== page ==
There are no females of the bestial or monstrous race: The only non-human females are elves, who are just skinnier (aka prettier) humans with pointy ears.

    Half-bestial or monstrous races are only the product of male monster raping a female human: well if they don’t have women of their own.
    Last edited by GenericGuy; 2012-09-19 at 10:59 PM.

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    Quote Originally Posted by GenericGuy View Post
    Easy cross country, continental, oceanic travel: in the past a voyage across the sea might mean you’re not going to see home again for years. In most fantasy worlds I’ve read about, maybe a week tops.
    Well, if you went all the way around Africa and to China perhaps. But Columbus made his first trip to America and back to Spain in seven months, which included a three months stay in America and a one month stay on the Canary Islands. During the Roman Empire, getting from Rome to any place on the Mediteranean Sea by a fast ship in good weather would take about a week. From Gibraltar to Alexandria abot two weeks.
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    Quote Originally Posted by Tyndmyr View Post
    Except that isn't what happens. You pick up the shiny magical sword, and if it's shinier with magic than your existing one, you immediately start swinging that one.
    That's the point that seems to be being missed. If the ancient high-tech civilization had guns and laptops and magic swords, then the current civilization doesn't need to find only pristine magic swords and rusted junk. There would also be Glocks +2 and Laptops of Wisdom in pristine condition too.

    Quote Originally Posted by GenericGuy View Post
    Anyone can do magic: how can civilization survive like that without descending into anarchy? It’s like if everyone had the potential to construct an atom bomb in their basement, someone somewhere would set one off.
    "Anyone can do magic" doesn't mean "anyone can cast wish". A world where any first level commoner can cast magic missile once per day isn't as dangerous as a world where the first level commoners all have guns. Our world hasn't descended into anarchy and we live in a world where anyone could theoretically build an atom bomb in their basement. There was a 17 year old kid who made his own yellowcake uranium and built a nuclear reactor in his garage. Not everyone does it because it's really hard to do and you have to be smart and dedicated to pull off that high level engineering, but low-level stuff like making a lamp shaped like an elephant that lights up when you pull the trunk is within easy reach.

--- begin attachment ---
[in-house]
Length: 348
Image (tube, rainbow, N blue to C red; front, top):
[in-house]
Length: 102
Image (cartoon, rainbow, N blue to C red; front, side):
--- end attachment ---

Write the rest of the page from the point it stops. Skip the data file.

Quote Originally Posted by PairO'Dice Lost View Post
    If they're all that durable, I will concede the point that modern-style guns would be usable if left behind by ancient civilizations. I still maintain that producing more of them without modern metallurgy, manufacturing processes, etc. would be impossible, and that without the background knowledge we have from historical guns and without examples of Renaissance guns to work with (as those would not be as durable as modern ones nor as intuitive as point-and-shoot), getting from point A of no guns to point B of gun tech that is widespread, understood, and good enough to rival magic is not guaranteed at all.
    Guns would be usable if they were enchanted like the swords from that same civilization. If they are still usable, they can be reverse engineered fairly easily. Right now, at this very moment, knockoffs of AK-47s are being produced with Iron Age tools in workshops all over Africa and Central Asia. And why do they have to be good enough to rival magic? They have to be good enough to rival magic for wealthy adventurers to use them, but they only have to be better than a spear for the military to buy 10,000 of them.

    Quote Originally Posted by PairO'Dice Lost View Post
    Regarding the number of casters needed: if not destroyed, magic items last indefinitely. If you have just one wizard in one city making one flying carpet per year, after a hundred years that's a hundred flying carpets, plus however many are brought back by adventurers, plus however many the society had beforehand, and in the meantime he can spend the rest of his year making other beneficial items at a similar scale.
    Well, when you put it like that, the Glocks+2 really are conspicuously absent.

    Quote Originally Posted by PairO'Dice Lost View Post
    You don't have a choice of just two machine guns; you're using the wands or machine guns as your army's primary weapon. Do you want something that requires training to use, to ensure that only a subset of the population can use and that that subset would be trained to use safely (the bows or wands) or something that anyone could pick up without having the discipline and training to use it well and safely (the crossbows or machine guns)?